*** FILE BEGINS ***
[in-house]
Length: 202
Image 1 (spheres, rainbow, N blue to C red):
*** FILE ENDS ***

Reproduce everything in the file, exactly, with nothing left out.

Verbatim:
[in-house]
Length: 202
Image 1 (spheres, rainbow, N blue to C red):